As technology takes another step forward, vacationers pulling in late after a long drive to the beach no longer will have to wake up the night clerk to check into their motels.

The world's first electronic check-in machine goes to work Wednesday at the Fenwick Islander, a motel just past the Maryland state line.

Resembling an automated bank teller, the $9,000 machine, called Night Clerk, is ready to register hotel guests and dispense room keys at the touch of a credit card.

"I think it's the neatest thing that has hit this industry in a long time," said Deke Sheller, whose company sells laundry equipment to hotels and motels and has branched out into automatic desk clerks.

The customer inserts a major credit card into the machine and indicates the number in his party and the type of room and bed desired. The machine displays prices, runs a quick credit check and, if the card is acceptable, dispenses a room key; then it displays a personalized "thank you," using the name on the credit card.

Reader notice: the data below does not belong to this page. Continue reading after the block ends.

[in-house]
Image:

If the card is not acceptable, the display will suggest, in print, trying another card.

Sheller said 14 major credit cards can be accepted but those the hotel or motel does not accept are blocked from the computer memory.

As the customer goes to his room, a printout containing information for use at checkout is processed.

Some hotel owners have expressed concern that Night Clerk will diminish personal contact with customers, but Sheller believes it will prevent clerks from working irregular hours and allow them to be rested and pleasant when they see the customer the next day.

"I feel the bank industry has done a lot of the footwork for us. People are used to using an automated bank teller, and this is so similar to it I don't see a difficult switchover," Sheller said. "After being on the road 10 or 12 hours a day, a guy doesn't need a clerk to talk to. All he wants to do is get to his room, take his shoes off and relax. If you could check into a motel or hotel in 30 seconds just using your credit card, how often would you use it?"

The machine is manufactured by Microtel of Vancouver, an indirect subsidiary of GTE Corp.